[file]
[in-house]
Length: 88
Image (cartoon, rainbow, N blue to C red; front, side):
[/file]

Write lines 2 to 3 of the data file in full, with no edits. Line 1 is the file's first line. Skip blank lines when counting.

Length: 88
Image (cartoon, rainbow, N blue to C red; front, side):